Reviewer: Arvind Kohli - TNT USA
Reviewed: May, 2006
By the time I started out in this hobby, the CD format had attained irrevocable commercial success and had displaced vinyl/cassette as the main format. As a result, I never did get around to experiencing vinyl in my personal system. This I am sure is parallel to the experience of most the younger members of this hobby.
The question that keeps popping up in my mind is; should I add vinyl to my audio stable? A litany of pros and cons flood my mind, and then I am inundated with a barrage of opinions and thoughts when I discuss with other hobbyists or read articles on the matter. Over many months I teetered in either direction, and could not make a clear decision either way.
There was only one way to resolve this question. I would need to experience the format for myself for an extended period of time. So I embarked on a voyage to evaluate the vinyl format and present my findings to you.
But, first I needed a set of criteria, by which I would finally determine if vinyl indeed is for me.
There are only four ways I could justify adding the vinyl format to an audio system today, others may have different criteria. I will demonstrate the outcomes of my experiments and my conclusion with respect to these four criteria.
1] If it is cheaper to listen to vinyl than digital formats, assuming I already have a $3,000USD Universal disc player (which is what bean-counters like me call a sunk cost);
My benchmark for cheaply purchased CD/SACDs is about $5.00USD a piece (used or thru bmgmusic.com). So, to be cost effective I should be able to buy records for much less, considering I then have to add the cost of a turntable and ancillary gear. Let us assume a basic used turntable/arm/cartridge/phono amp, sleeves and cleaning supplies; I cannot see this costing less than $500USD. A more realistic tag would be closer to $1000 USD.
Now, I can buy used records for dirt cheap (between $0.50 and $5.00USD). But even in the most optimistic scenario, I would have to get 111 records, in good condition at $0.50 average and a turntable setup for $500 to breakeven with an average $5.00 CD price for those same 111 albums. This outcome is very unlikely.
In a more realistic scenario, where used records average $4.00 and gear costs $1000, my breakeven point just shot up to 1,000 albums. And of course, the sonic quality of this vinyl setup must equal or better that of my CD setup; because I cannot justify adding a lesser sounding format to my audio habit, even if it is cheaper.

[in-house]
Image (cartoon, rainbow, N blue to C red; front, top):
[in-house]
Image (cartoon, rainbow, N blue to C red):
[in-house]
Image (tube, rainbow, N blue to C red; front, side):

So, I will prematurely conclude that I will probably not be able to justify adding the vinyl format to a system that already has a digital source, on a strictly financial basis. I will still keep an open mind to this criteria, in case reality points in a direction different from what I have predicted.
2] If it is cheaper to listen to vinyl than digital formats; now assuming I don’t have a CD player and I have $3,000 to choose between a Universal disc player and a vinyl setup. When it comes to selecting only one format as a source, it is important to understand the issues with the software for each medium.
On average, used vinyl costs a bit less than used digital media. Used vinyl has better availability in larger cities than smaller ones, and is better for collecting older recordings, many of which have not made it to digital (and may never).
On new media, I would have to say that vinyl is much costlier, and has a more restricted selection of newer recordings. Digital media on the other hand is pervasively available, new and used.
I only know of one person, who has only vinyl as a source. In my opinion, you cannot escape owning a digital source today, unless you have absolutely no interest in most new releases. While this criteria is not completely realistic, it will serve as a useful reference point.
3] If it sounds better than digital formats (i.e. CD, SACD, DVD-Audio).
If vinyl sounds better, then game over…vinyl wins. Now it would be up to each of us to decide if the price of adding/replacing a format is worth the improved sound. Frankly, this is the rationale I am most interested in; the first two are academic excercises.
4] If you must own recording not available in a digital medium. This criteria would apply to audiophiles who fit the term literally, they are music lovers and not gearheads. For them the questions has already been answered, it is imperative to own a vinyl setup to be able to listen to all those recordings not available on digital formats.
At the end of my series, I will let you know if I have come across any such recordings, and if this criteria has any merit in my books. Now, on with the show...
© Copyright 2006 Arvind Kohli - www.tnt-audio.com